This formula explains why teachers and physical therapists are on the list, but also included are autonomous, creative professions like author and artist, and labor-intensive jobs like operating engineer. “Operating engineers get to play with giant toys like bulldozers, front-end loaders, backhoes, scrapers, motor graders, shovels, derricks, large pumps, and air compressors,” says the Monitor. And, “with more jobs for operating engineers than qualified applicants, no wonder they are happy.” The full list follows:

1. Clergy

2. Firefighters

3. Physical therapists

4. Authors

5. Special education teachers

6. Teachers

7. Artists

8. Psychologists

9. Financial services sales agents

10. Operating engineers

Interestingly, many of the occupations that fall at the bottom of the job-satisfaction list involve information technology, which can create isolating work, notes Forbes:

1. Director of information technology

2. Director of sales and marketing

3. Product manager

4. Senior web developer

5. Technical specialist

6. Electronics technician

7. Law clerk

8. Technical support analyst

9. CNC machinist

10. Marketing manager

Where does your job fall on the happiness scale? Are you bolstered by the helping hand you extend to others or satisfied by what you create—or should you pack it all in and learn to drive a bulldozer?

via Whistle While You Work – The Sweet Pursuit – Utne Reader.

Apple, Samsung, competition, intellectual property:  Samsung … you look pretty stupid.

Consider the wall of apps in this photo of the company’s new shop-in-a-shop in Italy’s Centro Sicilia, which appears to feature not only the iOS icon for Apple’s mobile Safari browser, but the icon for the company’s iOS App Store — three instances of it.

Embarrassing, particularly given Apple’s allegations that Samsung “slavishly” copied the design of its iPhone and iPad devices. It’s hard to imagine there’s a reasonable explanation for this. Samsung phones don’t support iOS apps and I can’t imagine Apple is making the company a version of Safari.

Now it’s possible this was a display left over from some other event or product, but still.

via What Are Apple’s Icons Doing on Samsung’s Wall of Apps? – John Paczkowski – News – AllThingsD.

Jennifer Ehle,  “A Gifted Man”,  “Pride & Prejudice”:  Love Jennifer Ehle … I will add “A Gifted Man” to my dvr record list.

Many viewers will forever associate Jennifer Ehle with her career-making role as Elizabeth Bennet in the BBC’s Pride & Prejudice, the sumptuous adaptation of Jane Austen’s classic novel. But the 41-year old actress, the daughter of the actress Rosemary Harris and the writer John Ehle and now a mother of two, has been producing a steady body of work for both the stage and film, since she first donned a curly black wig to play Austen’s outspoken romantic heroine back in 1995. On Broadway, she won a Tony award in 2000 for The Real Thing and another in 2007 for The Coast of Utopia.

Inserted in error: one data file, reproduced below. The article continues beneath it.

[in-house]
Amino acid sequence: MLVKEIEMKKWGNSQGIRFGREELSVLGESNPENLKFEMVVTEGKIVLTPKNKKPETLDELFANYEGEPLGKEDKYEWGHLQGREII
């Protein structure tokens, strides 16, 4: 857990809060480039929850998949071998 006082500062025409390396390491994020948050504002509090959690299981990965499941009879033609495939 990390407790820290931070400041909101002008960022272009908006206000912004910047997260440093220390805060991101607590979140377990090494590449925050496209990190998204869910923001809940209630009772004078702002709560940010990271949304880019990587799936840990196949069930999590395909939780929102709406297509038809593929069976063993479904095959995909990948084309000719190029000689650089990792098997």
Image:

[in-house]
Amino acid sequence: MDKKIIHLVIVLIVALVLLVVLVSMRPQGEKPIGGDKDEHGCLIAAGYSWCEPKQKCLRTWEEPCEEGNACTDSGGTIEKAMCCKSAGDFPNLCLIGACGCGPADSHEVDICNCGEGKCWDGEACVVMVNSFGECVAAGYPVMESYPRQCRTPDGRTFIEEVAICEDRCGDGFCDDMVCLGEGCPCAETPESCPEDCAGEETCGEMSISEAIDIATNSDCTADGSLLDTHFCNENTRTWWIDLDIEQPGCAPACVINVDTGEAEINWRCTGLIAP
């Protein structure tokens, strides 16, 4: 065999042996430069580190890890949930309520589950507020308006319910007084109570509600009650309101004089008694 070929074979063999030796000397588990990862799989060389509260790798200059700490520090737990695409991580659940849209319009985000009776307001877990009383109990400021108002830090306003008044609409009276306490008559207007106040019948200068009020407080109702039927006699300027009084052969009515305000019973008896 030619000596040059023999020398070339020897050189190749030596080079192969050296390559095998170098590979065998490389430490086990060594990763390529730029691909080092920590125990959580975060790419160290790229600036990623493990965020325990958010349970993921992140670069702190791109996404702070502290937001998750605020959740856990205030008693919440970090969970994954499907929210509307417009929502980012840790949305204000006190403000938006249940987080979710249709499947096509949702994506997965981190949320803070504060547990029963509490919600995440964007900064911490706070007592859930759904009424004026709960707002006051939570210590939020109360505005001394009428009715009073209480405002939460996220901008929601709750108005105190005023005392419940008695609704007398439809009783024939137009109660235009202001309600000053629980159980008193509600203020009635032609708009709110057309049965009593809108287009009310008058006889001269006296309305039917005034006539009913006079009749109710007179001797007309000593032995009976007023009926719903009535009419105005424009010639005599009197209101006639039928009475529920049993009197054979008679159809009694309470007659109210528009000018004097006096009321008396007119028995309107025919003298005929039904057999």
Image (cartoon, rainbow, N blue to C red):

Recently, Ehle starred alongside her Darcy, Colin Firth, in The King’s Speech, though the two only shared one brief scene together; she played Lady Catelyn Stark in the original pilot for HBO’s Game of Thrones, but departed the role before it went to series. This month, she’s in Steven Soderbergh’s big-budget germaphobe’s-worst-nightmare flick, Contagion, in which she plays a CDC scientist, and next month she’ll appear as the wife of George Clooney’s politician character in The Ides of March.

Ehle also stars in CBS’s new supernatural/medical/personal journey drama, A Gifted Man, created by Susannah Grant (Erin Brockovich) and launching tonight. She plays Anna Paul, the ghost of a free clinic doctor on a mission to improve the character of her arrogant ex-husband, Michael (Patrick Wilson), a brilliant neurosurgeon who has lost his way.

The Daily Beast sat down with Ehle, and in these excerpts we discussed A Gifted Man, why she left Game of Thrones, attachment parenting, why she’s never recognized on the street, and ghost sex.

Why did you decide to do a weekly series now?

Jennifer Ehle: I never thought in a million years that I would do a weekly series. I met Jonathan Demme when I’d auditioned for him for Rachel Getting Married. It hadn’t worked out, but I knew he liked me. Without Patrick being attached to this and Jonathan directing it I don’t think I would have even read it or looked at it. Then I just sort of started taking baby steps because if they’re both seeing something in this then maybe what I see is not an illusion.

via Jennifer Ehle on ‘A Gifted Man,’ ‘Game of Thrones,’ ‘Pride & Prejudice,’ Colin Firth – The Daily Beast.